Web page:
"Even though the Americans were more powerful with all their massive weapons, the main factor in war is the people," he said. "The Vietnamese people were very determined. We would not give up. That's why we won."
Vietnamese officials eager for their country to take its turn in the global spotlight expressed disappointment that the president arrived without his expected gift -- congressional approval of a new pact normalizing trade relations with Vietnam.
Surprising the White House, Congress failed to pass the bill this week as expected, leaving U.S. officials trying to explain to the Vietnamese that it would be sure to go through next month.
The visit was a delicate balancing act for Bush. He was trying to improve relations with a crucial Asian economic force and to urge Vietnam to make further steps toward political, economic and social reforms -- even as his mere presence conferred special status on a communist government.
I know there's nothing I can do about it, but I think its bullshit the way our government gets to pick and choose who our friends and enemies are. I mean look at that photo....thats my leader standing there grinning his ass off standing underneath a statue of Ho Chi Minh......thats just fuckin wrong.
I guess there's some diplomatic reasoning behind this madness, but I fail to grasp it. I dont understand how so many Americans can die fighting Ho Chi Minh, and now we honor our victorious enemies with a state visit. Why did we need to normalize relations with Vietnam? Why couldn't they permanently stay on our shit list.
Its not just Vietnam either. Our politicians and diplomats have decided that China, Pakistan, Saudi Arabia, Mexico, Turkey, etc. are our friends. They used to tell us that the Russians were our hated enemies, then suddenly they were our buddies, now they are headed back to being our enemies again because they haven't embraced Democracy as much as we thought they would. That just proves that they are either terrible judges of character, or they think we are totally stupid. And their logic is inconsistent as hell....how come Communist Vietnam is our buddy but Communist North Korea and Cuba are still our hated enemies? Is it because China and Vietnam are Capitalist Communists, while Cuba and North Korea are not, and we can overlook the fact they are still dictatorial if there might be a chance to make a buck in it for us? Its funny how we only started considering normalizing relations with Vietnam once vast oil fields were discovered in their coastal waters and American oil companies wanted to bid on the concessions.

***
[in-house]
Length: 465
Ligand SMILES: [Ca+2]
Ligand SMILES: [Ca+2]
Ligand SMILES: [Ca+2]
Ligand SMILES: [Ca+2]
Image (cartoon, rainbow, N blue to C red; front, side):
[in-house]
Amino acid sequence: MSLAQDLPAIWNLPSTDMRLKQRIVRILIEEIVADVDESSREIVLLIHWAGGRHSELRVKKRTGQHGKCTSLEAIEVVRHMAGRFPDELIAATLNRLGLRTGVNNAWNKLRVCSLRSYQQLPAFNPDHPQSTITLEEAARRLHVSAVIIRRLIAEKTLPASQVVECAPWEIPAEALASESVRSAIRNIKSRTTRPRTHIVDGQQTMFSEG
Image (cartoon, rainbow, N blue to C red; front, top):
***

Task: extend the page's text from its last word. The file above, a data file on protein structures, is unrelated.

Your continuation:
We have very few real friends and allies in the world. 95% of the people and governments on the planet want nothing more than to see us fail, and are actively pursuing policies designed to achieve that. Oh they might put on their smiley faces when the cameras are on them, but thats just to assure that they keep getting a piece of the American economic pie that our leaders so liberally hand out around the world.
Why cant we have an honest foreign policy? Why cant our leaders use the same rationale to determine who our friends are that we all do in our personal lives. We can all tell when we meet someone whether they like us or not, we can judge them by their actions, and we dont go around pretending people we know dont like us are our friends. Yet we watch China, Russia, Germany, and France send arms and technology to our enemies, arms that in many cases are being used to kill Americans, and yet our leaders still insist on treating them as our friends, and compromising with them on issues that relate to our security and economy.
I just think its bullshit that our leaders are so incompetent when it comes to deciding who our friends and enemies are. It sucks that we dont have any say in the process.